Matsumoto H, Sato T, Kishi S. Outer nuclear layer thickness at the fovea determines visual outcomes in resolved central serous chorioretinopathy. Am J Ophthalmol. 2009; 148(1): 105–110. [CrossRef] [PubMed]
Wakabayashi T, Fujiwara M, Sakaguchi H, Kusaka S, Oshima Y. Foveal microstructure and visual acuity in surgically closed macular holes: spectral-domain optical coherence tomographic analysis. Ophthalmology. 2010; 117(9): 1815–1824. [CrossRef] [PubMed]
Sheth S, Dabir S, Natarajan S, Mhatre A, Labauri N. Spectral domain-optical coherence tomography study of retinas with a normal foveal contour and thickness after retinal detachment surgery. Retina. 2010; 30(5): 724–732. [CrossRef] [PubMed]
Inoue M, Morita S, Watanabe Y, et al. Preoperative inner segment/outer segment junction in spectral-domain optical coherence tomography as a prognostic factor in epiretinal membrane surgery. Retina. 2011; 31(7): 1366–1372. [CrossRef] [PubMed]
Mitamura Y, Hirano K, Baba T, Yamamoto S. Correlation of visual recovery with presence of photoreceptor inner/outer segment junction in optical coherence images after epiretinal membrane surgery. Br J Ophthalmol. 2009; 93(2): 171–175. [CrossRef] [PubMed]
Akkoyun I, Yilmaz G. Optical coherence tomography: anatomic and functional outcome after scleral buckling surgery in macula-off rhegmatogenous retinal detachment. Klin Monbl Augenheilkd. 2013; 230(8): 814–819. [PubMed]
Inoue M, Watanabe Y, Arakawa A, et al. Spectral-domain optical coherence tomography images of inner/outer segment junctions and macular hole surgery outcomes. Graefes Arch Clin Exp Ophthalmol. 2009; 247: 325–330. [CrossRef] [PubMed]
Romano F, Arrigo A, Leone PP, Bandello F, Parodi MB. Short-term modifications of ellipsoid zone in Best vitelliform macular dystrophy. Retina. 2020; 41(5): 1010–1017. [CrossRef]
Gunzinger JM, Katrin F, Barthelmes D, et al. En face optical coherence tomography imaging ellipsoid zone regeneration in laser-induced and solar maculopathies. Case Rep Ophthalmol Med. 2019; 2019: 3849871. [PubMed]
Pauleikhoff D, Bonelli R, Dubis AM, et al. Progression characteristics of ellipsoid zone loss in macular telangiectasia type 2. Acta Ophthalmol. 2019; 97(7): e998–e1005. [CrossRef] [PubMed]
Etheridge T, Dobson ETA, Wiedenmann M, et al. Ellipsoid zone defects in retinal vein occlusion correlates with visual acuity prognosis: SCORE2 Report 14. Transl Vis Sci Tech. 2021; 10(3): 31. [CrossRef]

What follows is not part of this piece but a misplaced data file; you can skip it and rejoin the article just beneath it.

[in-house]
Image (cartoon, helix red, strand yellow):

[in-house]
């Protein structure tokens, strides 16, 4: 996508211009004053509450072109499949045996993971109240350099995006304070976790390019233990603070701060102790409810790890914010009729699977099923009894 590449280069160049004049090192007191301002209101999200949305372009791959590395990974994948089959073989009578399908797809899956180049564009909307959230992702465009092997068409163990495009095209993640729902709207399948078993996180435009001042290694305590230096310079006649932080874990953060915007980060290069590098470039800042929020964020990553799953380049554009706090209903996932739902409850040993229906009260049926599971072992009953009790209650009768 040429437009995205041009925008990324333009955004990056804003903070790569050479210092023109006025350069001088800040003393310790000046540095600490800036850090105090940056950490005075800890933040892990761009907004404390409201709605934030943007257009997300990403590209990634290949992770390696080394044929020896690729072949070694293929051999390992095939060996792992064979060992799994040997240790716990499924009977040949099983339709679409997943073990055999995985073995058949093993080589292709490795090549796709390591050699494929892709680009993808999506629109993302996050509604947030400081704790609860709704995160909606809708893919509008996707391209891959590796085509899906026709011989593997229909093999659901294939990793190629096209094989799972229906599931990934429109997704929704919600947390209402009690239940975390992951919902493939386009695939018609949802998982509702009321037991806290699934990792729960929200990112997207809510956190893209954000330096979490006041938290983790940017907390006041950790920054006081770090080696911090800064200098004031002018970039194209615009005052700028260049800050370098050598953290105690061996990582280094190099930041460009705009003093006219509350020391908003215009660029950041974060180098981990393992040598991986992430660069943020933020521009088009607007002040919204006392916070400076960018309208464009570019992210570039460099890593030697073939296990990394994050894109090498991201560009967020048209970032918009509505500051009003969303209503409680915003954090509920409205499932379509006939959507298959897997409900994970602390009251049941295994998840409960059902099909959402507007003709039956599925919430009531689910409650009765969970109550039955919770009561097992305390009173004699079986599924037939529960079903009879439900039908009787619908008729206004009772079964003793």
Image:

Arepalli S, Traboulsi E, Ehlers JP. Ellipsoid zone mapping and outer retinal assessment in Stargardt disease. Retina. 2018; 38(7): 1427–1431. [CrossRef] [PubMed]
Tanna P, Georgiou M, Strauss R, et al. Cross-sectional and longitudinal assessment of the ellipsoid zone in childhood-onset Stargardt disease. Transl Vis Sci Tech. 2019; 8(2): 1. [CrossRef]
Birch DG, Locke KG, Wen Y, et al. Spectral-domain optical coherence tomography measures of outer segment layer progression in patients with X-linked retinitis pigmentosa. JAMA Ophthalmol. 2013; 131(9): 1143–1150. [CrossRef] [PubMed]
Cai CX, Locke KG, Ramachandran R, Birch DG, Hood DC. A comparison of progressive loss of the ellipsoid zone (EZ) band in autosomal dominant and X-linked retinitis pigmentosa. Invest Ophthalmol Vis Sci. 2014; 55(11): 7417–7422. [CrossRef] [PubMed]
Strampe MR, Huckenpahler AL, Higgins BP, et al. Intraobserver repeatability and interobserver reproducibility of ellipsoid zone measurements in retinitis pigmentosa. Transl Vis Sci Tech. 2018; 7(3): 13. [CrossRef]
Hariri AH, Zhang HY, Ho A, et al. Quantification of ellipsoid zone changes in retinitis pigmentosa using en face spectral domain-optical coherence tomography. JAMA Ophthalmol. 2016; 134(6): 628–635. [CrossRef] [PubMed]
Hariri AH, Velaga SB, Girach A, et al. Measurement and reproducibility of preserved ellipsoid zone area and preserved retinal pigment epithelium area in eyes with choroideremia. Am J Ophthalmol. 2017; 179: 110–117. [CrossRef] [PubMed]
Patterson EJ, Langlo CS, Georgiou M, et al. Comparing retinal structure in patients with achromatopsia and blue cone monochromacy using OCT. Ophthalmol Sci. 2021; 1(3): 1000047. [CrossRef]
Sun LW, Johnson RD, Langlo CS, et al. Assessing photoreceptor structure in retinitis pigmentosa and Usher syndrome. Invest Ophthalmol Vis Sci. 2016; 57(6): 2428–2442. [CrossRef] [PubMed]
Llanas S, Linderman RE, Chen FK, Carroll J. Assessing the use of incorrectly scaled optical coherence tomography angiography images in peer-reviewed studies: a systematic review. JAMA Ophthalmol. 2020; 138(1): 86–94. [CrossRef] [PubMed]
Folgar FA, Yuan EL, Farsiu S, Toth CA. Lateral and axial measurement differences between spectral-domain optical coherence tomography systems. J Biomed Opt. 2014; 19(1): 16014. [CrossRef] [PubMed]
Marcos S, Burns SA. Cone spacing and waveguide properties from cone directionality measurements. J Opt Soc Am A Opt Image Sci Vis. 1999; 16(5): 995–1004. [CrossRef] [PubMed]
Griffin SM, Jia Y, Johnson AJ, et al. Directional reflectivity of the ellipsoid zone in dry age-related macular degeneration. Ophthalmic Surg Lasers Imaging Retina. 2021; 52: 145–152. [CrossRef] [PubMed]
Wartak A, Augustin M, Haindl R, et al. Multi-directional optical coherence tomography for retinal imaging. Biomed Opt Express. 2017; 8(12): 5560–5578. [CrossRef] [PubMed]